It’s hard not to admire a good simile. They make literature more evocative: ‘Elderly American ladies leaning on their canes listed toward me like towers of Pisa.’ (Nabakov from Lolita.) They add venom to political bite: ‘He looks like a female llama surprised in the bath.’ (Churchill on De Gaulle.) And they help etch the cry for social justice into a nation’s memory: ‘We will not be satisfied until justice rolls down like waters and righteousness like a mighty stream.’ (Martin Luther King, Jr., I Have a Dream.)
Inspired wordcraft such as this is enough to leave you dizzy. But, alas, this is not the time to praise good similes but to bemoan the bad ones.
Anybody who’s spent time in front of a gaping white page knows that expressing oneself in a clear, original, and incisive manner is Herculean chore requiring both persistence and wit. Similes are a particular gamble because a good one can invigorate your work, while a bad one can leave readers unmoved, or worse, wincing. (Would students across America be memorizing King’s speech if he spoke of justice rolling down like a stray tennis ball on a uneven court?) Continue reading →
“Could I possibly trouble you for another cigarette?”
“Sure. You need all the elements?”
“Um … am I in my element? In my — hm, let me see …”
“Nono, do you need all the elements? Filters and papers and so on?”
“Oh — oh I see. Yes, thank you very much. Whoops! Ooh, don’t want to bump heads. Thanks. Am I in my element? Mm. D’you know, I’m not sure I really am in my element. Parties. Mm. Are you in your element?”
“No. I wouldn’t say so. But then, when are you in your element?”
“When am I in my element? When am I in my element? Mmm. Probably … probably in a ski resort. [Smiles] Probably at the top of a ski run, with some really good friends, tips pointing straight, and about to go down way too fast — heurghh heurgh-heugh! Haha. Mhmm. Yes.”
“How about you, eh? When are you in your element?”
“I don’t know. Maybe … maybe when I’m in the kitchen, alone, at about 4am, drunk out of my mind and gripping a big kitchen knife, and making ecstatic stabbing gestures into the dark, and giggling.”
written and directed by Hannah Marie Marcus
performed by The Holiday Recording Party House Band (Hannah Marie Marcus, voice, keys; Meg Reichardt, guitar; Kurt Hoffman, clarinet; Paul Watson, trumpet; Ray Parker, upright bass; Michael Hearst, washboard; Rick Moody, voice)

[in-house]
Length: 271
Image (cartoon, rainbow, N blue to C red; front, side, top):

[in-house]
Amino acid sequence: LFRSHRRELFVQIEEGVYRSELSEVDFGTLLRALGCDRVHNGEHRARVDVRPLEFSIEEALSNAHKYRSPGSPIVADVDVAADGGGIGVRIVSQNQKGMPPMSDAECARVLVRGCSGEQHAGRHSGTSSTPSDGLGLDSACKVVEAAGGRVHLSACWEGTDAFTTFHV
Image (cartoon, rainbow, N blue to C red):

special appearance by Raymond the dog
camera by Adrian Hornsby
This is a graph showing global CO2 emissions from fossil fuels over the years 1990-2011 (published in last week’s New Scientist). The curve shows a meandering upwards over the course of the ’90s, gathering in force and momentum along the way, and really carving a groove up through the last decade. Around 2008 there was a small hiccup following the financial crisis, but otherwise, the story is largely one of not only rising emissions, but of rising rates of rising emissions. Which is funny, because all this time, the talk — and in ever increasing volumes — has been about Continue reading →
Two upright pianos were given to me by a man who would usually have paid another man to burn them. My brief was to take a box room as a blank canvas and build into it a staircase sculpture and mezzanine level bed to sleep two using only what could be gleaned from these two ex-instruments.
Dismembering them put me in mind of the French restaurant where they kill a cow on the weekend and prepare every part for food. Nose to tail carpentry. The noises that came out of the carcass – Continue reading →
Speech delivered at the House of Lords, London, 16 October 2012, for Vision
The trouble is, cities don’t whisper to each other about liking each other’s moves. Quite the opposite — they complain incessantly about congestion. They complain about how blocked up they are, how they need to cut traffic, how difficult transport is to manage, how expensive transport infrastructure is to build, how expensive it is to maintain, how it’s crumbling everywhere …. Once on a roll, they berate themselves further for being massively expensive on all fronts really, as well as being shot through with poverty, riddled with crime, racked by sickness, socially isolating and alienating, and often dirty to boot. The apparently endemic nature of all of these problems inevitably drags on the question, ‘Why build cities at all?’ Certainly governments for the most part have neither liked nor wanted them, and historically have tended to push for the development of towns and smaller cities over larger urban agglomerations. Yet in spite this, and all the costs and problems, big cities continue to mushroom. Why? Continue reading →
This is a news story, but of the kind the world lets fall every now and then, that read like parables of indeterminable meaning. Here’s the story.
A bird — a parakeet — is found perching on the shoulder of a man in Tokyo. The man is a hotel guest. The bird is not. Or the bird perhaps is — ? The man doesn’t know. He pets the bird. It chirrups. Unsure what to do next, the man walks — bird on shoulder — to reception. Within a hotel, reception is like the government. They set the rules. They know how behaviour is supposed to happen. Within the context of a hotel. The bird is taken to reception, where Continue reading →